How to rebuild corrupt Postgres indexes

Rebuilding indexes

There are multiple databases to rebuild indexes in. Repeat the below process for:

  1. pgsql
  2. codeintel-db

We need to ensure there’s nothing writing or reading from/to the database before performing the next steps.

In Kubernetes, you can accomplish this by deleting the database service to prevent new connections from being established, followed by a query to terminate existing connections.

export DB=pgsql # change this for other databases
kubectl delete "svc/$DB"
kubectl port-forward "deploy/$DB" 3333:5432 # doesn't use the service that we just deleted
psql -U sg -d sg -h localhost -p 3333

In docker compose, you will need to scale down all the other services to prevent new connections from being established. You must run these commands from the machine where sourcegraph is running.

export DB=pgsql # change for other databases
docker-compose down # bring all containers down
docker start $DB # bring only the db container back up
docker exec -it $DB sh
psql -U sg -d sg -h localhost -p 3333

Terminate existing client connections first. This will also terminate your own connection to the database, which you’ll need to re-establish.

select pg_terminate_backend(
from pg_stat_activity where datname = 'sg'

With a Postgres client connected to the database, we now start by re-indexing system catalog indexes which may have been affected.

reindex (verbose) system sg;

Then we rebuild the database indexes.

reindex (verbose) database sg;

If any duplicate errors are reported, we must delete some rows by adapting and running the duplicate deletion query for each of the errors found.

After deleting duplicates, just re-run the above statement. Repeat the process until there are no errors.

At the end of the index rebuilding process, as a last sanity check, we use the amcheck extension to verify there are no corrupt indexes — an error is raised if there are (you should expect to see some output from this command).

create extension amcheck;

select bt_index_parent_check(c.oid, true), c.relname, c.relpages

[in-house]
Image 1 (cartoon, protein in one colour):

from pg_index i
join pg_opclass op ON i.indclass[0] = op.oid
join pg_am am ON op.opcmethod = am.oid
join pg_class c ON i.indexrelid = c.oid
join pg_namespace n ON c.relnamespace = n.oid
where am.amname = 'btree'
-- Don't check temp tables, which may be from another session:
and c.relpersistence != 't'
-- Function may throw an error when this is omitted:
and i.indisready AND i.indisvalid;

Duplicate deletion query

Here’s an example for the repo table. The predicates that match the duplicate rows must be adjusted for your specific case, as well as the table name you want to remove duplicates from.


-- We must disable index scans before deleting so that we avoid
-- using the corrupt indexes to find the rows to delete. The database then
-- does a sequential scan, which is what we want in order to accomplish that.

set enable_indexscan = 'off';
set enable_bitmapscan = 'off';

delete from repo t1
using repo t2
where t1.ctid > t2.ctid
and ( = or
    t1.external_service_type = t2.external_service_type and
    t1.external_service_id = t2.external_service_id and
    t1.external_id = t2.external_id


Selective index rebuilding

In case your database is large and reindex (verbose) database sg takes too long to re-run multiple times as you remove duplicates, you can instead run individual index rebuilding statements, and resume where you left of.

Here’s a query that produces a list of such statements for all indexes that contain collatable key columns (we had corruption in these indexes in the 3.30 upgrade). This is a sub-set of the indexes that gets re-indexed by reindex database sg.

    distinct('reindex (verbose) index ' || i.relname || ';') as stmt
    pg_class t,
    pg_class i,
    pg_index ix,
    pg_attribute a,
    pg_namespace n
    t.oid = ix.indrelid
    and i.oid = ix.indexrelid
    and n.oid = i.relnamespace
    and a.attrelid = t.oid
    and a.attnum = ANY(ix.indkey)
    and t.relkind = 'r'
    and n.nspname = 'public'
    and ix.indcollation != oidvectorin(repeat('0 ', ix.indnkeyatts)::cstring)
order by stmt;

You’d take that output of that query and run each of the statements one by one.